On 17 December 2023, Bitcoin’s network fee rose to $38, a level that was last seen in April 2021. This surge has raised questions about Bitcoin’s scalability and efficiency in handling high-volume transactions. While experts believe this surge is due to congestion in the memory pool (mempool), there is more to it. Let’s uncover the mystery behind the sudden spike in network fees and explore ways you can minimize your transaction fees.
The spike was due to a sudden increase in network activity. It is speculated that this was primarily due to Bitcoin Ordinals.
Ordinals is a protocol that allows users to store content such as art, images, text, or video to a Satoshi — which is the smallest denomination of Bitcoin. In simple terms, Bitcoin Ordinals are just like non-fungible tokens (NFTs) on the Bitcoin blockchain.
The recent surge in Bitcoin’s network fee is due to the rise of ordinals. Global Bitcoin users created over 1.2 million new ordinal inscriptions between 15 and 18 December, which clogged the network with over 300,000 transactions awaiting confirmation. Due to an excessive number of transactions awaiting validation, miners prioritized the ones with higher fees. Thus, users seeking quicker confirmations were forced to pay inflated fees.
Ordinals were first introduced by Casey Rodarmor in January 2023. Since then, the Bitcoin community has been divided into two groups: traditionalists and innovators. On one side, there are people like Luke Dashjr, a core developer, who criticize ordinals for “spamming the blockchain.” Others like Udi Wertheimer are excited about the value that ordinals can bring to the Bitcoin ecosystem.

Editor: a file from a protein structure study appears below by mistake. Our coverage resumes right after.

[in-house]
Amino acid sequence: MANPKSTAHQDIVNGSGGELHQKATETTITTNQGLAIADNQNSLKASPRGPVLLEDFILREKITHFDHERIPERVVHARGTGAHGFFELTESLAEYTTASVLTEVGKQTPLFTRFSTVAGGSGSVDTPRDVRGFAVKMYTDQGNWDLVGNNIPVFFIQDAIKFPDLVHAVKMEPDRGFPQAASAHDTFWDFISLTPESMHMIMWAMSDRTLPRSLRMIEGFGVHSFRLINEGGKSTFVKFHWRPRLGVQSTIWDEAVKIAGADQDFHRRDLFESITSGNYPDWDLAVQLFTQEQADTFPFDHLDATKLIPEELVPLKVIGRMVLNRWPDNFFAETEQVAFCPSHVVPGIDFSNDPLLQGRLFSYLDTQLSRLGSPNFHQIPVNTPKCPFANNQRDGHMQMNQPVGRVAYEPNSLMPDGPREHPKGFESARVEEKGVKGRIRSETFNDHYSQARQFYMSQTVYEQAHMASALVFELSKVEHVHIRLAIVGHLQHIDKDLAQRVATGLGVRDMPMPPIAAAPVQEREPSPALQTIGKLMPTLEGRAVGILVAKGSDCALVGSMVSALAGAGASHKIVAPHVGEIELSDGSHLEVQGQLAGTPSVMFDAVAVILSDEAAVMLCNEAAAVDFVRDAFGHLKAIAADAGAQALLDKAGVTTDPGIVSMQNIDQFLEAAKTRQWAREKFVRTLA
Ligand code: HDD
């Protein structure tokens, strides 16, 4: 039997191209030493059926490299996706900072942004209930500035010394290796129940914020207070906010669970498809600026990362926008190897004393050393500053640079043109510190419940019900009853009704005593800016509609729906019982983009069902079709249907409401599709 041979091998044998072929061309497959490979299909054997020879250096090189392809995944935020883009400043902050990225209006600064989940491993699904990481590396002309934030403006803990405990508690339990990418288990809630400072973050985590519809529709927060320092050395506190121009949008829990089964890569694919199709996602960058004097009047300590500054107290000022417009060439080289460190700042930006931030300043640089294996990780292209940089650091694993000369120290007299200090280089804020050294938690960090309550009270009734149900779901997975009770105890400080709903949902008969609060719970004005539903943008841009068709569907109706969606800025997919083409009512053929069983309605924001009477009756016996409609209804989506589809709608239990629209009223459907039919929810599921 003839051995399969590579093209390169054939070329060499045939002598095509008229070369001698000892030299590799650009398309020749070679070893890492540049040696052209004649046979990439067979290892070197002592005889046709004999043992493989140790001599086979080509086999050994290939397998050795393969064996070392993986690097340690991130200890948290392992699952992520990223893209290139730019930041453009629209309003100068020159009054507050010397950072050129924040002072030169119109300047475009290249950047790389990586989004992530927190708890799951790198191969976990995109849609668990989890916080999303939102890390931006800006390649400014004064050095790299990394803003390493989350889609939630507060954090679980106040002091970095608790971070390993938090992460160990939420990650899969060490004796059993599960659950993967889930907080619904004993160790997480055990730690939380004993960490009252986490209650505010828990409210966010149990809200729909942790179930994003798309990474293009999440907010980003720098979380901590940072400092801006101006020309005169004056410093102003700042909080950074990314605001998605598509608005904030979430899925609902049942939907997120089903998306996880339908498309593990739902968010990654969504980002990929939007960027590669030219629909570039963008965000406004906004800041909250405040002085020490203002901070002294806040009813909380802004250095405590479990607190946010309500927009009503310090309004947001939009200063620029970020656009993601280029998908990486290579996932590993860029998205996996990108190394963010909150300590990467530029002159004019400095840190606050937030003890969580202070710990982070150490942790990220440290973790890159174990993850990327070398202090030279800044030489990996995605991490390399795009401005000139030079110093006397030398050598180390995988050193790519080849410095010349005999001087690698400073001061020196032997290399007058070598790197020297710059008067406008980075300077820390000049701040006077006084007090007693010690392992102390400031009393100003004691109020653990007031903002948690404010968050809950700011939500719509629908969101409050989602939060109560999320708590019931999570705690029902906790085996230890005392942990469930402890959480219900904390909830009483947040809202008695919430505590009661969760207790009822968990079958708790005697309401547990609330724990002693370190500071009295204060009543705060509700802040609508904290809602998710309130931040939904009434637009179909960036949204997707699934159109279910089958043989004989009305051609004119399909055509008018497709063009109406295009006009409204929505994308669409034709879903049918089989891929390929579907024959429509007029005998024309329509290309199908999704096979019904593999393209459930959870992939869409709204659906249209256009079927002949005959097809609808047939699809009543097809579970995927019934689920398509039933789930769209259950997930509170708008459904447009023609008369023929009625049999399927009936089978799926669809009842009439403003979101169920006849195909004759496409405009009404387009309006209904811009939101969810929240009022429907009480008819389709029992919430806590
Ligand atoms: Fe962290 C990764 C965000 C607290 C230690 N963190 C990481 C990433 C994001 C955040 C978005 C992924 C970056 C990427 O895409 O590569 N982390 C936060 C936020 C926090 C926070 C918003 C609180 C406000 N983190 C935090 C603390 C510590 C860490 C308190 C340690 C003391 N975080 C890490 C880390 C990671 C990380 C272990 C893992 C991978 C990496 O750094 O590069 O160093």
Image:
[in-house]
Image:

While ordinals may add new use cases to Bitcoin, they have made transactions more expensive and slower to settle. Over the years, the average transaction fees have increased by 25x, according to research by Blockworks.
The recent spike in network fees highlights a fundamental vulnerability in Bitcoin’s network. Despite being robust and decentralized, Bitcoin is unable to handle large transaction volumes. Here, layer 2 solutions like the Lightning Network can help.
Lightning Network is a second layer built on top of the Bitcoin blockchain that facilitates off-chain transactions. Payments made via the Lightning Network are faster, more affordable, and highly efficient. If a large number of users start using the Lightning Network, it will automatically reduce the congestion on the main blockchain.
Network fees play a crucial role in maintaining the Bitcoin network’s sanctity by preventing double spending and other fraudulent activities. At its core, Bitcoin was built to make global transactions affordable, efficient, and timely. To align with this purpose, Bitcoin will need to embrace newer solutions that reinforce its status as a resilient and disruptive virtual currency.
Bitcoin was built to become a stronger and resilient virtual currency that can stand the test of time. The network fee spike, despite being inconvenient, proved Bitcoin’s antifragility and demonstrated its robustness to adapt to challenges.
As of 24th December, the average network fee came down to $10.7 as the congestion in the mempool reduced. However, the Bitcoin ecosystem needs scalable solutions to handle the heavy volume of transactions that may follow after the next halving event in 2024.
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